Spirit Alive: It's a Matter of Character and Calling


Spirit Alive: It's a Matter of Character and Calling


6/14/2016

Spirit Alive is a twice a month blog that looks at different aspects of mission and ministry throughout the Oregon-Idaho Annual Conference and beyond.
June 14, 2016

Food for the Soul:

What's Your Calling? And...Who Are You at Your Core?

Often when I read books, I read them in pairs so that the two different books not only have a dialogue with each other, but so that through their interaction I can benefit from the fruit of their conversation as well. Recently I've been reading two interesting books: Callings: The Purpose and Passion of Work by Dave Isay and The Road to Character by David Brooks. Both books have much to teach us about life.
In Callings, Dave Isay, the founder of StoryCorps and the recepient of numerous broadcasting honors, takes us through the stories of countless individuals as they share their personal stories related to work. In the process, we learn about contemporary dreamers, healers, philosophers, and groundbreakers, who
all teach us about their sense of calling as bridgetenders, library assistants, bricklayers, farmers, hospice chaplains, sanitation workers, grocers, teachers, beekeepers, subway conductors, artists, building contractors, etc. It is an amazing array of vocations that are explored, and in the process we enter a variety of new and different worlds. For me, the value of reading about all these different lives was that my mind and heart grew larger as I learned about the passions and struggles that others face daily in their chosen professions...and "callings." Too often we see the world through our own vocational lens and don't truly understand what the world looks like through the eyes of someone else, whose work takes them into an entirely different realm of reality.
The book opens with Mary Oliver's wonderful question: "Tell me, what is it you plan to do with your one wild and precious life?" Through Isay's book, we quickly learn that people answer that question in a number of deep and powerful ways. Consider for a moment what farmer Johnny Bradley tells his daughter, Kathy, about his work: "You know, if I could live in the house that I really wanted to live in, I'm living there. If I could have married the girl that I wanted to marry, I married her. If I'm in the occupation that I wanted to be in, I'm doing that. I borrowed a lot of money to go back to the farm, but I don't have to share it with the boss man. I worked hard; I do my own figuring. And for that, I guess I'm pretty fortunate. And very pleased."
Or what about what Chassitty, age16, tells her mother, Noramay, who is an engineer and entrepreneur, after hearing her describe her calling: "You graduated high school. You graduated MIT. And you graduated MIT again. I see people who are stuck in situations and they can't get out. But you showed me that anything is possible. So when I do find my career, I want to make sure that it's something I love and don't feel stuck. I want to go to work and be happy."  Many of the responses I found in Callings naturally took me into the realm of character that David Brooks so meaningfully explores.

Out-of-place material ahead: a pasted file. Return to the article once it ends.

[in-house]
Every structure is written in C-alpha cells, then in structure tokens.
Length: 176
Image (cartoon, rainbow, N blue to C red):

Brooks believes that "we are summoned by life," and that "character is built both through drama and through the everyday." The interplay between what we experience on the inside and how that is manifested on the outside is evident throughout Brooks' work: "Your ability to discern your vocation depends on the condition of your eyes and ears, whether they are sensitive enough to understand the assignment your context is giving you. As the Jewish Mishnah puts it, 'It's not your obligation to complete the work, but neither are you free to desist from beginning it.'"
Through Brooks' book we travel through the worlds of the summoned self, self-conquest, struggle, love, self-mastery, and self-examination. In the end, we learn, as the Yale law professor Anthony T. Kronman puts it: Character is "an ensemble of settled dispositions-- of habitual feelings and desires." So that, in Brooks' words, "If you act well, eventually you will be good. Change your behavior and eventually you rewire your brain."  This feels so Wesleyan in many ways. Perhaps this is why Brooks concludes by saying: "There's an aesthetic joy we feel in morally good action, which makes all other joys seem paltry and easy to forsake."
Maybe ICU nurse Michelle Alore sums it up best when she tells her daughter in Callings: "You have to do what you want to do. This is the rest of your life-- you have to pick something that you're passionate about.... Pick something that moves you, something that you're proud of-- something you can keep getting up for and doing the next day. Because it's not easy; it's work. But it's what I love. So I would hope that you find something that you love. too."
For me, both books point to the fact that we can get a glimpse into the Kingdom of God almost anytime, because it is in our midst constantly in everyday life... and in our callings.
Blessings on your journey,
Lowell
Spirit Alive is a twice a month blog and email by Rev. Lowell Greathouse, Mission and Ministry Coordinator for the Oregon-Idaho Annual Conference. It seeks out where the spirit is alive in our congregations and communities.
 
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Lowell Greathouse

Lowell Greathouse is the Mission and Ministry Coordinator for the Oregon-Idaho Conference of the United Methodist Church. He looks for places to find where the spirit is alive and help them grow in vitality and fruitfulness. Share with him at lowell@umoi.org

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